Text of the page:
Materialism mania

A christmas tree. PhotoCo: Sergei V. Bulgakov

A christmas tree. PhotoCo: Sergei V. Bulgakov

  Everybody wants that new Ipad for Christmas.

  But has materialism ruined this holiday?

  Let us define materialism. Materialism is the desire for objects driven by greed and selfishness. Materialism is a philosophy, not an attitude. So, how has that been shown during Christmas?

  In the beginning, Christmas was considered a religious holiday, but Ipads and Iphones have outranked Jesus on the interest scale according to Lawrence S. Wittner, an author and professor at State University of New York.

  By all means, the other benefits of family and religion are widely recorded as important factors of this holiday by some. Emphasis on some.

  In fact, some people, including Wittner, would go so far as to say that “the United States is now firmly in the grip of a different religion: shopping.”

  A strong illustration of materialism is through a well-known shopping craze titled Black Friday. It began in the 1960s as a kickoff to the Christmas shopping season, but has steadily inclined to become a violent event.

  Don’t believe me? Take a quick gander at this short video of a store in Philadelphia where a woman brought a stun gun to her Black Friday shopping.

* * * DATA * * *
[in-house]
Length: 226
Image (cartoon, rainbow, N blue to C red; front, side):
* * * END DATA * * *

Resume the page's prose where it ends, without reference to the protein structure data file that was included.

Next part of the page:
The recent Black Friday provided the occasion for “Ferocious action by screaming mobs of shoppers who engaged in mass riots in their desperate attempts to obtain a variety of products…Their desperation was not driven by hunger. They simply wanted…more!” said Wittner.

  With Black Friday just before Christmas, the deals are enough to set anybody bonkers for savings to the upcoming gifting festivity, and the awesome gift is also enough to set the new owner bonkers.

  One of the strongest exemplifications of this materialistic belief is through children. They wait months before Christmas to receive that one particular item, and then are ecstatic when they receive it.

  Just take a few seconds to watch this video. Even a few seconds in you can see how excited that child is their new Nintendo Wii.

  Of course, the joy itself it not a bad thing, but an issue arises when children “Begin to assign happiness to consumer goods,” said Trent Hamm, writer for The Simple Dollar.

  When children connect their happiness to what material items they receive, the materialism aspect is in play. “I’d buy things and barely use them because of the rush of owning that product,” said Hamm.

  Hamm discusses how to solve the issue of materialism in children by not encouraging children to greedily ask for gifts, trying to create positive memories that aren’t associated with products, and reinforcing the power of giving over receiving.

  However, movies and TV shows have been known to advertise that Christmas is not all about the shopping. These movies are good for the Christmas holiday and elimination of materialistic philosophies.

  Movies like “How the Grinch Stole Christmas”, “Rudolph the Red Nosed Reindeer”, and “It’s a Wonderful Life” tell how Christmas isn’t all about the gifts and are considered Christmas classics.

  So three cheers for the Grinch. Who eventually came to realize that “’Maybe Christmas doesn’t come from a store.’ He thought. ‘Maybe Christmas…perhaps..means a bit more!’”

Jade Zimmerman, Staff reporter

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